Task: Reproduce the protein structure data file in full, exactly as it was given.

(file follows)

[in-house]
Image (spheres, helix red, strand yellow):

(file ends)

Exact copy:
[in-house]
Image (spheres, helix red, strand yellow):